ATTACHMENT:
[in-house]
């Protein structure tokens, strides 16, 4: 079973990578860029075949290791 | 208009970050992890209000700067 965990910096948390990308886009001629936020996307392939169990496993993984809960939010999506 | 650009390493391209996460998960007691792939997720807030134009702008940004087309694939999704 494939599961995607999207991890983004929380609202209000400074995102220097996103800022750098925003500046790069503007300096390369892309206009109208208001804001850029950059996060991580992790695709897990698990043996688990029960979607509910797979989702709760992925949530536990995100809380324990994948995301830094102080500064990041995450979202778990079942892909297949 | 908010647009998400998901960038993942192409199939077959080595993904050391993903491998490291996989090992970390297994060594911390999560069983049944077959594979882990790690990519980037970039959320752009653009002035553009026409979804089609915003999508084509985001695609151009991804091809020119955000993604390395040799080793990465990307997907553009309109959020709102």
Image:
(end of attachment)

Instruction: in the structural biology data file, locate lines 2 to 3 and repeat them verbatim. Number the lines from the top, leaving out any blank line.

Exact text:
């Protein structure tokens, strides 16, 4: 079973990578860029075949290791 | 208009970050992890209000700067 965990910096948390990308886009001629936020996307392939169990496993993984809960939010999506 | 650009390493391209996460998960007691792939997720807030134009702008940004087309694939999704 494939599961995607999207991890983004929380609202209000400074995102220097996103800022750098925003500046790069503007300096390369892309206009109208208001804001850029950059996060991580992790695709897990698990043996688990029960979607509910797979989702709760992925949530536990995100809380324990994948995301830094102080500064990041995450979202778990079942892909297949 | 908010647009998400998901960038993942192409199939077959080595993904050391993903491998490291996989090992970390297994060594911390999560069983049944077959594979882990790690990519980037970039959320752009653009002035553009026409979804089609915003999508084509985001695609151009991804091809020119955000993604390395040799080793990465990307997907553009309109959020709102």
Image: